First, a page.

The Lake Has No Saint
By Stacey Waite
Tupelo Press, 31 pp., $9.95
In Stacey Waite's fine new poetry collection The Lake Has No Saint, there are 26 poems, and 17 of them echo the book's title in having some form of "no" or "not" in their own titles or first couple of lines. The nos and nots are less apparent than Waite's formal decisions to begin each poem's title with the word "when," say, or to forgo capitalization. Still, these negatives assert their own gravitational pull -- one in which the narrator is almost perpetually failing to remember, unable to forget or incapable of finding something.
Yet it's part of the appeal of Waite's collection (her third) that this superficial negavity doesn't result in a book that's monolithically angry or sad, let alone renunciatory. Rather, the University of Pittsburgh instructor's work has a searching feel, wielding all those nos and nots as tools of self-definition and discovery.
Broadly, these short works move from poems about childhood and adolescent struggles with gender identity to verses about adult relationships. "when praying for gender" finds the narrator "crying in dresses" and "praying: please god, if you let me wake up and be a boy, I will never say another swear word again."
Likewise, there's a division between such straightforward storytelling and stream-of-consciousness works. The latter are mostly the relationship poems, hauntingly impressionistic verses in which the narrator is often depicted seeking refuge with a lover, as in "when bearing the burden of this sound": "we know we can not breathe out what others can hear. / we keep quiet in this small room / your body leaning into my jawbone."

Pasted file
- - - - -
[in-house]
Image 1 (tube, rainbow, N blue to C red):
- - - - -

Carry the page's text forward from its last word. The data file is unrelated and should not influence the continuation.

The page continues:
Negations notwithstanding, Waite's writing is thoroughly assured, generating considerable emotion with everyday words and simple free-verse structures. Strong poems including "when loneliest in the mornings" lack even line breaks, and have a haiku-like simplicity: "I have always loved you this way despite our forgetting, despite some mornings how we leave one another quiet."
Nonetheless, one of the collection's most memorable works is "when leaving the house as a man," in which the narrator attends her first drag show in a suit and tie. When she returns home, her mother "covers her eyes as though i had been naked and not her child." Even in the moment's filial unease, the narrator can be felt to revel in, at last, a burst of teen-age assertiveness.